There were already some tents in the camp site. We three set up tents, had lunch, got water, and rested. After resting we set off on a 4km return walk east along the bay and did scrub exploration to the top of a hill there. Note to readers: I have decided on the phrase “scrub exploration” rather than “bush bashing”, pass it on!

Later a volunteer group of four people returned to camp – they are removing marram grass, and (I think) sea spurge. They have been doing volunteer work for twenty years. This time they were helicoptered into Spain Bay landing on the beach and will spend ten days in the SW Cape area gradually walking back to Melaleuca the way we have come. Later as a reminder to be careful with food, a bandicoot that was not overly concerned about us, went sniffing around the tents looking for an easy meal.

The following day (our eighth) Trevor proposed a morning walk (4.3 km return) to Sunset Hill for some views. We again went past the little headland to the northern beach and then scrub explored up the south end of the Sunset Hill ridge into the mist. We took some photos but waited awhile and the mist cleared to a sunny day with great views of Spain Bay, the next door Hannant Inlet and the entrance to Bathurst Harbour, and a few islands. It was a nice return walk at low tide back along the beaches, and we left Trevor to have a short swim or a swim without shorts – only he knows.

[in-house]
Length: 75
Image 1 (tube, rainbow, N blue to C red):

We packed up camp and next encountered the volunteer group who had moved on and dropped packs at the midden/ soak and were exploring the headland coast between Stephens Bay and Noyhener Beach. We arrived back at the Noyhener camp mid-afternoon with Pam and David waiting at the cable table. Later the volunteers arrived and set up at the second camp which was further into the forest.

From Noyhener Beach the route is about 13km to Horseshoe Inlet, just next to the Port Davey track. Sadly, you have to cross both the South West Cape Range and the Pasco Range! So, we got away early expecting a longish day, putting on shoes, socks and gators after crossing the creek to the beach – why start wet! The exit track is up the dune beside the creek.

We managed to lose the pad not long after, at the top of a hill, and found a pad after some scrubby descent. As an indication of pad visibility, we lost the pad and came down the South Cape Range on one spur north of the spur with a pad – the up/down pads are very obvious when seen from the other side of the valley but not obvious when on top where they are less eroded. The track up the Pascoe range was equally very visible across the valley while on the South West Cape Range, and not too hard to follow.

Upon nearing Horseshoe Inlet after about six hours it was hard to locate any pad so we just pushed into and along the forest edge and on the grassy water edges when we could, and in the water at other times. Note that high tide pretty well covers all of the exposed areas between the Horseshoe Inlet low tide edge and the forest of the Horseshoe Inlet – try and get there at low tide if looking to camp or to get onto the Port Davey Track. Trevor got us there at low-tide fortunately (he did well with all the tide planning).